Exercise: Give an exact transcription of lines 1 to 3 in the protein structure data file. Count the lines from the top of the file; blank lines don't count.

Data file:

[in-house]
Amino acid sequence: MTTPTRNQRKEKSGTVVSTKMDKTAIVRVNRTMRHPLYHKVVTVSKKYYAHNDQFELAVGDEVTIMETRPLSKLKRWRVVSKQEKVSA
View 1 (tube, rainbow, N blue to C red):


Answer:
[in-house]
Amino acid sequence: MTTPTRNQRKEKSGTVVSTKMDKTAIVRVNRTMRHPLYHKVVTVSKKYYAHNDQFELAVGDEVTIMETRPLSKLKRWRVVSKQEKVSA
View 1 (tube, rainbow, N blue to C red):